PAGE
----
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OPINION: B.C, budget does the right thing by prioritizing investment over austerity


Canadian Centre for Policy Alternatives

B.C.’s first budget under Premier David Eby includes substantial funding increases in housing, health care, income supports and cost of living tax credits.

It also allocates a record level of investment towards capital infrastructure. This not only represents much-needed progress towards meeting some of the big challenges facing our province, but also prudently continues to invest in the public good rather than cave to fear-mongering about deficits in light of the economic slowdown. 

The budget projects modest deficits over the next three years: $4.2 billion in 2023/24 and $3.8 billion and $3 billion in the subsequent two years. While these numbers sound big, they represent about one per cent of the provincial economy (or GDP) in 2023/24 and slightly less going forward.

Deficits are entirely appropriate with an economic slowdown underway. They are also far preferable to inadequate investment in critical public services and infrastructure, which leads to its own kind of deficits – social and environmental – as the Canadian Centre for Policy Alternatives has long argued (and as Premier Eby noted recently). 

An eventual return to budget balance should come via increased revenue, not by neglecting public investment, which would be costly to BC’s social and economic well-being in the long run.

Even with the spending increases in Budget 2023, provincial operating spending as a share of GDP has declined substantially from where it stood 25 years ago (in part a consequence of severe social spending cuts under the previous BC Liberal government). Spending by this measure had largely levelled off since the BC NDP came to power, with the exception of a temporary jump during the pandemic. With Budget 2023, it has inched back up relative to those pre-pandemic levels. Even so, if spending in 2023/24 returned to the levels of two decades ago (as a share of GDP), we’d have about another $5 billion available to invest in priority areas this year alone.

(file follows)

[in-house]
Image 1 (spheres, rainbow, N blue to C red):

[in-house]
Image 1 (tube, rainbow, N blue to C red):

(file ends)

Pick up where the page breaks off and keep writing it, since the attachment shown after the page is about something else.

A return to those levels of public investment could be funded in part by more robust taxes on high incomes, corporations and wealthy landowners, with dual benefits of revenue and reducing inequality. 

Another positive shift in this budget is the reduced use of “fiscal padding” – the practice of building in large unallocated contingency funds that ultimately serve to hide available fiscal space and create a bias against badly needed public spending (though some of this remains).

British Columbia is facing big social and environmental challenges — sky high rents, health care under enormous strain, a toxic drugs crisis, climate disruption and the need to rebuild crucial but eroded public services (to name a few). BC has more than enough fiscal and economic capacity to meaningfully address these crises, and BC Budget 2023 rightly prioritizes badly needed investments over a return to austerity.

While this might not please corporate interest groups, it responds to what the rest of us need. A single budget won’t solve these problems overnight but it is an important shift in the right direction.

Alexander Hemingway is a senior economist at the Canadian Centre for Policy Alternatives, BC Office.

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